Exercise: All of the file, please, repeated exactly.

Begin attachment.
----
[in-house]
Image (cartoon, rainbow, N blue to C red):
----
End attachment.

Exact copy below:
[in-house]
Image (cartoon, rainbow, N blue to C red):